Full Moon Gardening - Plant Seeds by the Moon's Phases

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Comment by Kimeli Wade on February 22, 2013 at 1:51pm

Namaska Adisa.  Where do you purchase seeds?  I'm researching seed companies in an effort to learn which ones use GMO seeds and which ones are owned by Monsanto.  I have run across a few sites that boast having non-GMO and heirloom seeds. Last weekend I purchased some heirloom seeds at a farmer's market seed swap.  

Also, how do you handle pests?  In past years, I've purchased ladybug larvae and captured/relocated the occasional praying mantis found lurking about.  This year I will be growing a mini insectary as a companion to my crops. provides a wealth of information about beneficial predators and the pests they control. 

Comment by Adisa on February 22, 2013 at 7:42am

Namaska Kimeli.  I experimented with container gardening last spring.  This season I will have a comparison between container gardening, soil gardening, hydroponics, straw bed gardening and aquaponics.  I am marking my calendar today and will start germinating a few seeds this weekend.  Keep us posted on your progress.

Comment by Kimeli Wade on February 21, 2013 at 4:19pm

I'm starting a container garden this spring, and will dedicate a few for an experiment with moon gardening. 

Comment by Adisa on February 21, 2013 at 4:05pm

The idea of planting according to the phases of the moon is as old as gardening itself. One of the principle rules is to plant seeds two days before a full moon. But, is it just an old wives tale?

Believe it or not there are scientific ideas that lend credence to the idea. Since the earth’s gravitational field is influenced by the sun and the moon. Just as the moon pulls the tides in our oceans, it also pulls upon water beneath the soil’s surface, causing moisture to rise in the earth, which encourages plant growth.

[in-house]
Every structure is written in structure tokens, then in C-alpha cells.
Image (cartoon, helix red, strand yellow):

In addition, seeds absorb a larger volume of water when the moon if full, causing them to plump up, open and begin the germination process faster than at any phase of the moon. Here’s a quick guide for what to plant when, based upon the moon’s phases.

Waxing / New Moon
The increasing moon light of the period of the waxing to new moon allows for more balanced root development and leaf growth. Sow seeds for above-ground crops that produce seeds outside of the fruit, including:
Broccoli, Cabbage, Cauliflower, Celery, Grains, Lettuce, Spinach.

As with any rule, there’s an exception. Cucumbers also benefit from being planted with the new moon.

The 2nd Quarter
During the moon’s second quarter, the gravitational pull is reduced, however the moonlight is strong which encourages strong leaf growth. This moon phase is also great for planting because of the strong light which helps encourage strong leaf growth. Plants that thrive when planted in the moon’s second quarter tend to form their seeds inside the fruit, including:
Beans, Eggplant, Melons, Peas, Peppers, Squash, Tomatoes.

Waning Moon
Following the full moon, the moon wanes. While the gravitational pull is high so that more moisture is pulled up in the soil, the amount of moonlight is decreasing. This time period is terrific for root crops because the focus is on the part of the plant growing underground and not it’s leaves growing above ground. The waning moon is a great time to plant vegetables like:
Beets, Carrots, Garlic, Onions, Potatoes, Peanuts, Radishes.

In addition, the waning moon is a good time to plant perennials, biennials and bulbs because of the favorable conditions for root growth.

Fourth Quarter of the Moon
The moon’s fourth quarter is generally considered a resting period because of the decreased moonlight and gravitational moon. For these reasons, it is a good time to cultivate, prune, divide perennials, transplant and harvest.

The moon planting rule says to plant crops that produce above the ground during the increasing light of the moon (from new moon to full moon) and to plant crops that produce below the ground during the decreasing light of the moon (from full moon to new moon).

By Lisa Greene

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